Nina was the product of an affair. The man in question also married three times and had children in each marriage. And some of those children have children now as well. Which means Nina has quite a large family of complete strangers to get to know. And some of them are pretty intent on that happening - Nina getting to know them, that is.

But Nina is so stringent in her routine that she even has Thursday evenings blocked off to do literally nothing. And she won’t even budge for a date!

Turns out Nina’s strict scheduling is her way of dealing with anxiety, something I can sympathize with.

Like I said, her story is sweet and fun. It’s a pretty light and breezy read as well, though it does touch on anxiety issues in a way that I think even those who don’t suffer from it can understand.

The Bookish Life of Nina Hill is the perfect read for the end of summer. Something happy with lots of heart, perfect for these final long, sunny evenings!

Tuesday, August 27, 2019

The Passengers by John Marrs

Happy Book Birthday to John Marrs whose latest, The Passengers, released today.

Eight people have been taken hostage. Their fates are in the hands of a cruel hacker out to prove a point and intent on using the court of public appeal, via social media, as help. The eight people are as different as can be. One is an aging actress, one is a pregnant mother-to-be, one is a cop while another is actually her husband, one is an immigrant housewife in the wrong place at the wrong time, one is an asylum seeker, one is a single man, and one is a veteran. The one thing they all have in common is that they are all Passengers.

Their cars, powered by AI trusted to get them safely from one place to another, have been hijacked. The hacker has told them all that they will likely be dead in two hours. And the whole world is watching.

In the near future, autonomous cars are mandatory. Roads are safer, insurance is cheaper, and the government offers incentives for people in need of an upgrade.

But things aren’t as rosy as they appear in this future. In Marrs’s imagined future, these cars are supposed to be impossible to hack. But someone has figured out how to do it and his end goal is...well, that's part of the plot.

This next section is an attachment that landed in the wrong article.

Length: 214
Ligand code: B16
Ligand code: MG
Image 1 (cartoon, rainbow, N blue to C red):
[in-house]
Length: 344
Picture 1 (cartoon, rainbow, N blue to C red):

In addition to the perspectives of some of the Passengers, the novel also features Libby Dixon, a civilian member on a jury tasked with examining cases where people have been killed in car accidents. But, of course, the job is a little different now. Now it's determining whether the AI is responsible or not. And the hacker has his eye on them. In fact, it seems that the issue the hacker may be trying to bring to light is the fact that the cars aren’t as safe as the government would have us believe. And yet, as the book continues, it becomes clear there’s something deeper going on. Each of the characters hints at something hiding in their pasts. And it seems maybe the hacker's purpose is much darker than simply bringing to light the government's part in reliance on an untrustworthy technology.

Obviously it's darker than that. He's willing to kill people!

If you’re a fan of Black Mirror, this is a must read. The over reliance on technology, greedy agendas, shady government participation, it's all on point for anyone who has a healthy skepticism about these things. Which makes it both a dark and fun read!

Thursday, August 15, 2019

Something in the Water by Catherine Steadman

Summer's almost over and that makes me sad. It's always been my favorite time of year, with fall a close second (because fall = Halloween!). But the shortening days and colder weather are definitely not my jam. Give me sweltering heat, afternoons under a ceiling fan or sitting poolside (I wish!), or a tropical drink and a beach any day!

And books! But those get me through year round :)